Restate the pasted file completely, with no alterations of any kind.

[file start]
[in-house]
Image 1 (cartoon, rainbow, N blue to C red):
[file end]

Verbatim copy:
[in-house]
Image 1 (cartoon, rainbow, N blue to C red):